The Columbia Gorge Region is a winner of the 2016 Robert Wood Johnson Foundation Culture of Health Prize. One of the community’s successful initiatives is a “Veggie Rx” program. Veggie Rx is administered by OCFSN Member organization Gorge Grown Food Network and was developed in partnership with Lauren Kraemer of Oregon State University Extension’s Family & Community Health (FCH) program. The Veggie Rx program “prioritizes food not just theoretically or through nutritional advice, but on the ground by screening patients for their food needs,” says Sarah Sullivan, executive director of Gorge Grown. Veggie Rx is a unique program to feed the food insecure. It grew out of a needs assessment by the region’s Coordinated Care Organization that deemed Food Insecurity as a top issue along with a Community Food Assessment that determined 1 in 3 people in the Gorge worry about where their food comes from, and 1 in 5 miss meals regularly.
According to the Centers for Disease Control, in 1990 no state had an obesity rate greater than 15%. Just 15 years later, however, 5 states had obesity rates between 20% and 25%, and the remaining 45 states all had rates over 25%.
Studies have shown that being overweight or obese poses risks for health problems including type 2 diabetes, high blood cholesterol, hypertension and stroke, asthma, and certain forms of cancer. The National Center for Weight & Wellness at George Washington University has estimated that obesity-related medical costs now total over $300 billion.
Local and community food systems advocates are now promoting affordable access to fresh fruits and vegetables in an effort to shift diets away from highly processed, high-fat and high-sugar foods.
Veggie Rx programs empower doctors and nurses to offer vouchers for purchases of fresh fruits and vegetables to patients who are experiencing specific diet related health concerns or food insecurity. Some programs also offer nutrition counseling and cooking skills education to help patients develop healthier eating habits.
About the Program
The mission of Gorge Grown is to build a resilient and inclusive regional Food System that improves the health and well-being of the community. In 2014, 40 organizations worked together to identify the top health needs in the region through a Community Health Needs Assessment. Through this work, the top two needs identified by community members in the Social Determinants of Health category were food insecurity and affordable housing.
Gorge Grown’s Veggie Rx program is a fruit and vegetable prescription program designed to address food insecurity and increase intake of fresh produce. The program empowers health care and social services providers to ‘prescribe’ vouchers to community members who screen positive for food insecurity.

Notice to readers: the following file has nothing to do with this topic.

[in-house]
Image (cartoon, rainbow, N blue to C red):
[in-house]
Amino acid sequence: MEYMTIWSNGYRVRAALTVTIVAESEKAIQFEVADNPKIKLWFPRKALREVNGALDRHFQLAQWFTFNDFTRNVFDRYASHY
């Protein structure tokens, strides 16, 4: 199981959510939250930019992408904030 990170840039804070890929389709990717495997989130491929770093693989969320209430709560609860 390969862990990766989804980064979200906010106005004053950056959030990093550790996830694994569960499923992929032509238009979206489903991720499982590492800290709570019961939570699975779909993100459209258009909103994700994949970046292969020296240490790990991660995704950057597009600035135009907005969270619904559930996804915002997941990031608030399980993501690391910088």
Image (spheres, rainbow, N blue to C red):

Citizens are screened by 40 participating health care and social service providers. If they suffer from hunger, they are given a packet of vouchers worth $30 for one month to redeem at any one of 30 local groceries, farms stands, or farmers markets. This provides direct access to healthy, local produce to those that need it most while strengthening the economy by keeping dollars local.
The program has fed more than 6,500 people in just one year with an emphasis on pregnant mothers, children younger than 10, diabetics and the elderly. Recipients have embraced the idea: at senior centers, the redemption rate has been as high as 98 percent. Funding support has come from local hospitals and clinics, as well as private sources, with efforts underway to raise additional public and private funds to expand and sustain a larger base of users. The Veggie Rx program has been a tool for linking farmers with local consumers, and participants have experienced an improvement in diet, nutrition, physical health, mental health, and financial health. Additional information about Gorge Grown’s Veggie Rx program can be found here.
About the Award
The Robert Wood Johnson Foundation (RWJF), whose mission is “to improve the health and health care of all Americans,” has selected seven communities to receive the 2016 RWJF Culture of Health Prize (#cutlureofhealthprize). The winning communities were chosen from a group of nearly 200 applicants and are being honored for their efforts to ensure all residents have the opportunity to live longer, healthier, and more productive lives.
Each winner will receive a $25,000 cash prize, join a network of Prize-winning communities, and share their inspiring stories of challenges met, successes achieved, and lessons learned with other communities building a Culture of Health across the country. More information about the 2016 RWJF Culture of Health Prize for Veggie Rx in the Columbia River Gorge can be found here.